Tez is a project aimed at making life easier for developers who have to use YARN. The project is led by Hortonworks and is currently in the Apache Incubator. From the project’s site:

The Apache Tez project is aimed at building an application framework which allows for a complex directed acyclic graph of tasks for processing data. It is currently built atop Apache Hadoop YARN.

The support for third-party application masters is the crucial aspect to flexibility in YARN. It permits new job runtimes in addition to classical Map/Reduce, while still keeping M/R available and allowing both the old and new to coexist on a single cluster. Apache Tez is one such job runtime that provides richer capabilities than traditional map-reduce. The motivation is to provide a better runtime for scenarios such as relational querying that do not have a strong affinity for the Map/Reduce primitive. This need arises because the Map/Reduce primitive mandates a very particular shape to every job and although this mandatory shape is very general and can be used to implement essentially any batch-oriented data processing job, it conflates too many details and provides too little flexibility.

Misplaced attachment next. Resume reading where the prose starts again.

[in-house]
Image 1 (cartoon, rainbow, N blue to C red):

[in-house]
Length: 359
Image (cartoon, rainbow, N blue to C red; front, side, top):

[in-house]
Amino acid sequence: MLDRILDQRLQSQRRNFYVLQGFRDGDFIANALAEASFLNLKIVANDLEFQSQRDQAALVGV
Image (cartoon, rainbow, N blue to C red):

The Apache Falcon project is an effort to more explicitly and granularly control the data you’re storing in your cluster. As such, it allows you to choose how many times data is replicated, coordinate multiple clusters, and enforce policies across the various endpoints data might flow through. From the Apache Incubator page:

Apache Falcon is a feed-processing and feed-management system aimed at making it easier for end consumers to onboard their feed processing and feed management on Hadoop clusters.

Data Management on Hadoop encompasses data motion, process orchestration, life-cycle management, data discovery, etc., among other concerns. Falcon is a new data-processing and management platform for Hadoop that solves this problem and creates additional opportunities by building on existing components within the Hadoop ecosystem without reinventing the wheel.